ISSN 1470-3947 (print) | ISSN 1479-6848 (online)

Endocrine Abstracts (2011) 25 S5.4

The molecular pathophysiology of the human obesity disorder, Bardet Biedl syndrome (BBS)

Val Sheffield

Department of Pediatrics and Howard Hughes Medical Institute, University of Iowa, Iowa, USA.

Bardet-Biedl syndrome (BBS) is a heterogeneous autosomal recessive disorder characterized by obesity, retinopathy, cognitive abnormalities, and polydactyly and other congenital anomalies. Patients also have an increased incidence of hypertension and diabetes. Mutations in at least 14 genes have been reported to independently cause BBS. In order to better understand the pathophysiology of BBS, we have generated BBS mouse models and have investigated the interaction of the protein products of the BBS genes. Seven BBS proteins form a stable protein complex known as the BBSome, which promotes ciliary membrane elongation through Rab8. In addition, we have shown that a component of the BBSome (BBS1) interacts directly with the leptin receptor. Three additional BBS proteins have chaperonin homology and play a role in BBSome formation. BBS3, an ADP-ribosylation factor (ARF)-like small GTPase also known as ARL6, is not part of the BBSome complex and does not have chaperonin homology. We used Bbs3−/− mice to determine whether Bbs3 is required for BBSome formation. Loss of Bbs3 does not affect BBSome protein levels or BBSome formation. However, both the BBSome and Bbs3 localize to cilia, and loss of Bbs3 disrupts localization of BBSome proteins to cilia. Conversely, the BBSome is required for ciliary localization of BBS3.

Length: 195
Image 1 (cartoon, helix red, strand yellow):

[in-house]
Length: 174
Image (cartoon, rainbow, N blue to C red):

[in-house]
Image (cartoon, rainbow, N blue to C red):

Many signaling proteins including G protein-coupled receptors localize to primary cilia, regulating cellular processes including differentiation, proliferation, organogenesis, and tumorigenesis. Bardet-Biedl syndrome (BBS) proteins are involved in maintaining ciliary function by mediating protein trafficking to the cilia.

The mechanisms governing ciliary trafficking by BBS proteins are not well understood. We show that a novel protein, Leucine-zipper transcription factor-like 1 (LZTFL1), interacts with the BBSome, and regulates ciliary trafficking of this complex. We also show that all BBSome subunits are required for BBSome ciliary entry and that reduction of LZTFL1 restores BBSome ciliary trafficking in BBS3 and BBS5 depleted cells. Our findings indicate that LZTFL1 is an important regulator of BBSome ciliary trafficking, and as such is a target for treatment.

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